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On June 3rd, Illinois Senator Dick Durbin, along with Connecticut Senator Richard Blumenthal, added four senate amendments (S.A. 1560, 1561, 1562, and 1563) to the Department of Defense 2016 spending bill. The amendments, which are unrelated to Senator John McCain's bill, would collectively track military personnel's use of dietary supplements, while limiting their access to them on military bases. In short, if these amendments were to pass next week, the U.S. military, whom we depend upon to be strong and alert and in peak physical condition, wouldn't be allowed access to the very same supplements American citizens use to be strong and alert and in peak physical condition. No punch line required here, folks.
Of course, such attacks on the supplement industry aren't a new thing. In fact, thanks to Senator Durbin, they've become as commonplace in Congress as grandstanding filibusters. It was Durbin who introduced The Dietary Supplement Safety Act of 2003, Senate Bill 722 which, had it passed, would have required Americans to get doctors' prescriptions for most dietary supplements. In the text for that act, the word "adverse," as in "adverse events" and "adverse experiences" is included no less than 27 times. The current amendments are also rife with the word. Clearly, Durbin has had a longstanding fixation on supplements and a keen interest in limiting our access to them, based on a fear of their potential dangers. But why? Certainly hard facts don't support his fervor, as he himself would know better than most.
In 2011 Senator Durbin, along with with Representative Henry Waxman of California, asked the Government Accounting Office to review dietary supplement adverse event reports. In 2013 the GAO completed its report, which showed that there were a total of 6,307 AERs reported to the FDA between 2008 and 2011–1,575/year, on average. Compare this with the 2008 AER on FDA-approved drugs–a whopping 526,527! It would seem Durbin could far better serve Americans' interests by turning his attention to a real public health problem, rather than flailing at an imaginary one.
And for the record, Durbin is also the man behind the Dietary Supplement Labeling Act (S 1310) of 2011, which would have seen supplements regulated as prescription drugs had it passed. Fortunately for us it did not, despite his two attempts to get it through, the second time as an amendment to another Senate bill. Clearly, Durbin will not rest until your access to supplements is severely restricted, if not outright eliminated, either by way of bans or the need for prescriptions to access them.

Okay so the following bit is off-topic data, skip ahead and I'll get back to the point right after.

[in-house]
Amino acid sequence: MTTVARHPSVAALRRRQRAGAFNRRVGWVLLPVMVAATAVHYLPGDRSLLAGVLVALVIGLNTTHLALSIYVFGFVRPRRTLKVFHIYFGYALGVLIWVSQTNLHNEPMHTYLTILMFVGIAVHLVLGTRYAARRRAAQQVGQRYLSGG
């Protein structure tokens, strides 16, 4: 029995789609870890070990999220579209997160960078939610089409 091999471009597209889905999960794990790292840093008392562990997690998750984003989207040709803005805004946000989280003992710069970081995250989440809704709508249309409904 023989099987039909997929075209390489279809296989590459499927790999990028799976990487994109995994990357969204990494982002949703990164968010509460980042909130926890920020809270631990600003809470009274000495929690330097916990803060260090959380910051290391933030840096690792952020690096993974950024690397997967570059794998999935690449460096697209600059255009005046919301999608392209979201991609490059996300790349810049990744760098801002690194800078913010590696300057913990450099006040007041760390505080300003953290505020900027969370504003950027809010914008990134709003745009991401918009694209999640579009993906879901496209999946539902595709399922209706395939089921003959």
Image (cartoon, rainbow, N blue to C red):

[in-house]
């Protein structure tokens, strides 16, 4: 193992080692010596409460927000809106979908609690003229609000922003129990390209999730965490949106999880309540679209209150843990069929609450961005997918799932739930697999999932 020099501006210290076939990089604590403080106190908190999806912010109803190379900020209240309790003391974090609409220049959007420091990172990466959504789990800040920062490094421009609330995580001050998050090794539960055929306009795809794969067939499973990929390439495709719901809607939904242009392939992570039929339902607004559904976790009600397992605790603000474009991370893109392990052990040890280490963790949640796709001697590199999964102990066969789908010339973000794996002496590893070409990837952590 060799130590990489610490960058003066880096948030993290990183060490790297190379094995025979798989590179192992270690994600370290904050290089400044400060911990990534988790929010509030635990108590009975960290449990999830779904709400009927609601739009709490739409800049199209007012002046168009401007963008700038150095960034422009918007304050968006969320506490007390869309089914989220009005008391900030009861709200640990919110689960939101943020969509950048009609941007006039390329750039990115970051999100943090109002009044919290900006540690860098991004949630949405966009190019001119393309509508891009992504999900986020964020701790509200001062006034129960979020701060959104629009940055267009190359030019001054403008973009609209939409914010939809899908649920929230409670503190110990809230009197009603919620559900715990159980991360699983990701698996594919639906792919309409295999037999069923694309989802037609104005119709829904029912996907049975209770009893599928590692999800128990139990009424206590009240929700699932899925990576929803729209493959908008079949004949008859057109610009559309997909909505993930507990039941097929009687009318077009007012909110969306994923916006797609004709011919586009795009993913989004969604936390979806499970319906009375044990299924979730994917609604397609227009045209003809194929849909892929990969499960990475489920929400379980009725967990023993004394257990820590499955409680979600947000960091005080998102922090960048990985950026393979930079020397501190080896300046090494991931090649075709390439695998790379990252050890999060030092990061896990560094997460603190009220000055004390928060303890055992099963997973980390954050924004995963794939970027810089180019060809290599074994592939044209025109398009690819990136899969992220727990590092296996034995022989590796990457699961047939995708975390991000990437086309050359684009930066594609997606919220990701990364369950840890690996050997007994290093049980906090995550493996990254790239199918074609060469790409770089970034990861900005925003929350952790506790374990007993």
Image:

What makes Durbin's quixotic attack on supplements all the more curious is the fact that the FDA already has full regulatory authority over dietary supplements in the U.S. (as per 1994's DSHEA act), which includes military bases. In other words, the federal government has in place an organized, fully-funded regulatory body overseeing supplements, yet Senators Durbin and Blumenthal want to create an as-yet unfunded, invasive, redundant layer of oversight to "protect" our military men and women from…glutamine? Zinc? Vitamin B-6? It seems to me that our good senators might turn their attention to other means of supporting our military–ones that help protect them from actual threats.
Make no mistake, while these particular amendments are aimed at the military, we know from experience that Senator Durbin ultimately has his sights set on a larger target: the banishment of dietary supplements, or at least such withering regulation that the average consumer can't access then. Should these current amendments pass, Durbin will have won a major victory, and be emboldened to take supplements off store shelves and out of your cabinet.
So, what can you, the consumer, do to retain your right to access safe, effective dietary supplements? A good place to start is by going to http://www.saveoursupplements.org/. There you can send an email to your Senators that will let them know that you're not okay with these amendments to the Department of Defense 2016 spending bill. The bill has nearly 200 amendments attached to it, and not all will be heard on the Senate floor. By sending your email to your Senators you can help ensure that the Durbin/Blumenthal amendments are not passed.
It's one thing to look out for our safety. It's another thing entirely to limit our freedoms. Amendments like these will not make us or our military personnel safer. They will, however, open the door to creeping restrictions and regulations on our constitutional right to purchase and use dietary supplements. Please take a minute to send Congress the message that you are not okay with this, before they vote on it next week. Do it for the men and women of the military, and do it for yourself.